28 Apr Policing by consent is crucial during lockdown
Along with the overwhelming majority, I support the extended lockdown. Like many, though, I miss the freedoms I had just a few weeks ago and look forward to popping-out for no particular purpose or sharing a meal or pint or two with friends.
‘Big Brother’ seems to be the most reliable source of information to show compliance with the lockdown as it can track our every move and more. I’m not sure I like that as a general rule, but I can live with it provided there’s very strong independent oversight and regulation that reassures me it’s a force for good.
It is often said we police by consent, a phrase that is commonly used, but not always understood. In the context of the lockdown, it simply means that the vast majority of the public support the measures with little need for any enforcement by the police.
“Anyone who engages in social media will know the vast range
of views on how we should behave during the lock down”
Equally, it means the vast majority are supportive of the way the police conduct themselves; how they apply the law and exercise discretion – and that remains a cornerstone of policing in Gloucestershire.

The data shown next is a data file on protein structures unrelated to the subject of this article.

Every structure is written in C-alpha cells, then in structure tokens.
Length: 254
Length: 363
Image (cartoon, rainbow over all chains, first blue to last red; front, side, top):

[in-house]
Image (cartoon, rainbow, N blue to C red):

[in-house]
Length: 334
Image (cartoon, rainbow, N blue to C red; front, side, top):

Overall, I think the Chief Constable has got it about right. His officers not only had to apply the law, but also interpret government instructions and guidance that are somewhat ambiguous. Friendly advice has been given along with stern warnings and penalty tickets and hopefully public support has been maintained. However, anyone who engages in social media will know the vast range of views on how we should behave during the lock down.
As we move into week four of at least six weeks of lockdown I welcome the Government’s affirmation that our beautiful parks and open spaces should remain open as they are an asset to minimise the strain on those who don’t have gardens or live in flats or basements, especially those who have children or other specific needs.
Hopefully it doesn’t lead to a stampede and that those of us for which the lockdown is less of a burden give way to others less fortunate so that social distancing can be maintained.
This post was published on the official OPCC website on the 23/4/2020